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Chapter 5

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Department
Psychology
Course
PSYC 2330
Professor
Francesco Leri
Semester
Winter

Description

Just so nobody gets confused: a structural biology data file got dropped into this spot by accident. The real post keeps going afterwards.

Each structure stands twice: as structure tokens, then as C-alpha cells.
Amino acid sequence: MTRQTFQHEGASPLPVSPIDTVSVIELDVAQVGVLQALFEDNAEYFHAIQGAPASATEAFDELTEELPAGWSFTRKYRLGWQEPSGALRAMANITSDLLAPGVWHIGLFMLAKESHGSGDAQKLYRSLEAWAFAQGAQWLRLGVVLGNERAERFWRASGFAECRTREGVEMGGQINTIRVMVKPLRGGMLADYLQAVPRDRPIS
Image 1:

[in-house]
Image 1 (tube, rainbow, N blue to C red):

Chapter 5: Instrumental Conditioning: Foundations  Classical conditioning reflects how organisms adjust to events in their environment that they cannot directly control Instrumental behavior: behavior that occurs because it was previously instrumental (aka- influential) in producing certain consequences Law of effect: If a response in the presence of a stimulus is followed by a satisfying event, the association between the stimulus (S) and the response (R) is strengthened  If the response is followed by an annoying event, the S-R association is weakened.  Thorndike’s proposal is the basis for the compulsive nature of drug abuse Discrete-trial procedure: a method of instrumental conditioning in which the participant can perform the instrumental response only during specified periods, usually determined by either placement of the participant in an experiment chamber, or by the presentation of a stimulus.  Often conducted in a type of maze Free-Operant Procedures: a method of instrumental conditioning that permits repeated performance of the instrumental response without intervention from the experimenter.  Invented by Skinner to study more behavior in a more continuous manner  Used a Skinner box – a box that contains a small lever that the rat can push down repeatedly  Operant response: the effect that it has on the environment (ex- the lever press) Magazine training:  Many steps to produce lever-press responding in rat st  1 – rat has to learn when food is available  Classical conditioning – the sound of the food delivery device is repeatedly paired with the delivery of the food  Food-delivery service is called: the food magazine  After enough pairings of the sound of the food magazine with food delivery, the sound comes to elicit a response: the animal goes to the food and pick up the food pellets  This phase called: magazine training  Once rearing over the lever has been established- the food pellet will be given only if the rat actually presses the lever – called shaping Instrumental conditioning Procedures:  Appetitive stimulus: a pleasant outcome  Aversive stimulus: an unpleasant outcome  Positive reinforcement: response produces an appetitive stimulus; produces an increase in response rate. (ex- father gives daughter a cookie when she puts her toys away)  Punishment: the response produces a aversive stimulus; effect punishment procedures produce a decline in the instrumental response. (ex- your boss criticizes you for being late to a meeting)  Negative Reinforcement: the response turns off an aversive stimulus; increase the instrumental response (ex- opening an umbrella to stop the rain from getting you wet)  Omission Training (AKA- differential reinforcement of other behavior (DRO)): the response prevents the delivery of a pleasant/appetitive stimulus; preferred method for discouraging human behavior ( ex- suspending someone’s driver’s license for driving drunk – withdrawal of the pleasure & privilege of driving) Fundamental Elements of Instrumental Conditioning:  The response  The outcome of the response (the rein
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